Sugar In everyday speech, the word sugar is especially used for sucrose , which is produced industrially by beet or sugar cane . For cooking, sucrose is sold in the following variants:
History of sugar cultivation
Something grew reminiscent of sugar cane and sugar beet several thousand years before Christ. The sugar canes originate from different grasses that came from some small Pacific islands . The grass species were for approx. 8,000 years ago transported to China , Indonesia and India from these islands. About 1500 years ago, sugar cane and sugar were started in India. The name sugar also originates from India. In the year 714 , the Arab people took the sugar to Spain , and it spread from there to Italy . After Columbus discovered America in 1492 , the cane cultivation spread rapidly. It was discovered that the Caribbean was a perfect place to grow sugar cane due to the climate . The raw sugar ie Sugar, which has not yet been purified, was brought from the Caribbean to Europe , where it was refined, ie. cleaned and then sold. As the years went by, larger and larger amounts of sugar were produced, and it became more and more common, and gradually it was not only the rich who could afford to buy sugar. In the 17th century , most countries in Europe had colonies around the world, but there were some who had to do the work of cultivation, and it was the slaves who were transported from Africa to the colonies. In the 17th and 17th centuries, Denmark was one of Europe's largest sugar producers. Denmark owned the three islands of St. Croix , St. Jan and St. Thomas in the Caribbean , who had the perfect climate for growing sugar cane. One exported raw sugar to Denmark, primarily to Copenhagen . In the year 1798 there were 18 refineries in Copenhagen, which cleaned the imported raw sugar from the three islands. In the 1800s , Denmark had an annual production of cane sugar of 8000 tonnes, and today the annual production of beet sugar in Denmark is approx. 500,000 tons.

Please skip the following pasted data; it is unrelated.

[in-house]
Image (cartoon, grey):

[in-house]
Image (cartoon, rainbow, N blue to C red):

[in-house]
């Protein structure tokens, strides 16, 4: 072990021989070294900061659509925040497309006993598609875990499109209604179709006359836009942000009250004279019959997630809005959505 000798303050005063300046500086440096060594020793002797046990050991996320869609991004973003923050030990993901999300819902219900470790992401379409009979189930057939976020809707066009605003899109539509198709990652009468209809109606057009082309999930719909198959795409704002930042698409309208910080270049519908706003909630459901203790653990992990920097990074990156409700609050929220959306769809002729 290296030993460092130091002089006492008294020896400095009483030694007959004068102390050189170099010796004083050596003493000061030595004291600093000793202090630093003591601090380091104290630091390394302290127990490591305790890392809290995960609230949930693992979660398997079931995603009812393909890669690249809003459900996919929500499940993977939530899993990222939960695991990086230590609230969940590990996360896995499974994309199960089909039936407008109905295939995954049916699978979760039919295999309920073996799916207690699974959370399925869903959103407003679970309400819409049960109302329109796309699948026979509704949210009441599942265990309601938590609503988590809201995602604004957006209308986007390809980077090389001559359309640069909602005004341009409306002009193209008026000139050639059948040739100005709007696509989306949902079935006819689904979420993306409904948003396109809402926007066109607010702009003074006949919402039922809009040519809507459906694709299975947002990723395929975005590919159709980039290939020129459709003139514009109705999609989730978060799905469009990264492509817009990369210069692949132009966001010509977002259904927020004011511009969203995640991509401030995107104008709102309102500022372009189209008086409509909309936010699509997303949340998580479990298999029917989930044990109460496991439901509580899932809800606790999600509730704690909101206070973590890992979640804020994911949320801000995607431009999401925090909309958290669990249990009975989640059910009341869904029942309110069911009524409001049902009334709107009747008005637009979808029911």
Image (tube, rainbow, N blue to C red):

The sugar beet originates from wild plants. In prehistoric times , humans discovered that the animals roamed in the soil after some roots, and it was quickly discovered that these belonged to plants with large tubers that tasted good. They didn't know anything about the cultivation, so they just ate them and hoped that some new ones would come next year.
In the mid-1700s, in Europe, one started to experiment a bit with sugar juice from feed sugar beets. During the Napoleonic wars in 1803 - 1815 one could not transport raw sugar from the sugar canes to Europe, and this meant that a larger production of beet sugar had to be started here. It also meant that the price rose for sugar. When the Napoleonic wars were over, they began to import cane sugar, which was cheaper. But in France you were nervous about having sugar shortages again, so you continued experimenting with sugar beets. Before the Napoleonic wars began, slavery was slowly returning. In 1792 , the Danish king, Christian VII , issued a regulation banning slave trade in the Danish colonies, but the regulation should not enter into force until 1803 . Slavery would have to continue, but you just didn't have to get new slaves, but had to use the slaves who were there and those who were born there. The slavery was completely banned in 1848 . Denmark was not the only country that banned slavery. England banned it already in 1833 , while Brazil first did it in 1888 . But the liberated slaves now had to pay, and it became too expensive to grow cane sugar.
France had been experimenting with beet sugar all these years and had gradually improved the sugar beet so much that one could gradually get as much sugar out of a sugar beet as from sugar cane, ie. 17%.